“And a large crowd followed him and pressed in on him. Now there was a woman who had been suffering from hemorrhages for twelve years. She had endured much under many physicians, and had spent all that she had; and she was no better, but rather grew worse. She had heard about Jesus, and came up behind him in the crowd and touched his cloak, for she said, ‘If I but touch his clothes, I will be made well.’ Immediately her hemorrhage stopped, and she felt in her body that she was healed of her disease. Immediately aware that power had gone forth from him, Jesus turned about in the crowd and said, ‘Who touched my clothes?’ And his disciples said to him, ‘You see the crowd pressing in on you; how can you say, “Who touched me?”’ He looked all around to see who had done it. But the woman, knowing hat had happened to her, came in fear and trembling, fell down before him, and told him the whole truth. He said to her, ‘Daughter, your faith has made you well; go in peace, and be healed of your disease.’”
“Now there was a woman who had been suffering from hemorrhages for twelve years. She had endured much under many physicians, and had spent all that she had; and she was no better, but rather grew worse.”
Thus beginneth our meditation on health care, ancient and modern.
Here we have a woman whose entire existence has been severely disrupted for twelve years by uncontrollable bleeding.
She has gone from one doctor to another and used up all her money in search of a cure, but in spite of undergoing many painful treatments, her bleeding malady has only gotten worse.
Not only has her exhausting quest for a remedy left her virtually penniless—her condition is also a social curse—anyone who comes into contact with her runs the risk of violating the ritual purity code as outlined in Leviticus which declares that when a woman is having a discharge of blood, she is to be considered unclean—and whoever touches anything she lies or sits on is unclean.
Her illness has stigmatized her as an untouchable, a social pariah.
This woman is presented as nameless which underscores her lack of status—she is without funds, power, or influence and her medical prospects are bleak indeed.
But her most serious infirmity is not her hemorrhaging as bad as that is—her most debilitating affliction is hopelessness.
Because to lose all hope is to feel more dead than alive.
This is why Kierkegaard referred to despair, the state of hopelessness, as “the sickness unto death.”
To be in the deathly grip of hopelessness is to be caught in an insidious tangle in which one is unable to supply for oneself the one thing that one desperately needs, namely, hope.
When someone is mired in hopelessness, to tell them to cheer up and look on the bright side of things is worse than useless—such advice almost always intensifies the misery of the sufferer and his sense of being a hopeless case because, like the frog who wanted to be changed back into a prince, he would if he could.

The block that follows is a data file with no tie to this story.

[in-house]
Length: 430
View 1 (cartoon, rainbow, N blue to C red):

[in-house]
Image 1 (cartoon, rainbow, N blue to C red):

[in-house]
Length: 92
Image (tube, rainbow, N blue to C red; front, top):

In such a state, a new sense of hope can only come from something or someone beyond oneself.
So this despairing woman in our story who has run out of options has evidently heard rumors circulating in her village about this itinerant rabbi and his reputation as a healer that has awakened in her the first, tentative stirrings of new hope.
And when she joins the throng of people following at the heels of Jesus, and quite a motley group it is, she feels something in the air, some hum of hopefulness in the crowd, that causes her own fragile sense of hope to suddenly blossom and soar—for there’s something about this rabbi, his manner, the way he moves and speaks, the way he looks at people, that arouses hope even in those who feel most hopeless.
And so this woman who had been so smothered by shame and dishonor that she was barely breathing, is suddenly seized by the notion that if she can just touch his clothes, she will be healed.
She’s too shy and nervous to approach Jesus directly, so she sneaks up behind him and touches his garment whereupon, the text says, “Immediately her hemorrhage stopped; and she felt in her body that she was healed of her disease.”
Later on Jesus says to her, “Daughter, your faith has made you well.”
But Jesus might just as well have said, “Daughter, your hope has made you well.”
Because we can assume this woman’s healing actually begins when the reports she hears about Jesus back in the village make her curious and generate in her the first tender shoots of hopefulness.
And then when she goes out to see and hear this teacher for herself, her hope suddenly grows by leaps and bounds—and Jesus’ comment suggests that it is her newfound hopefulness that accounts for her healing.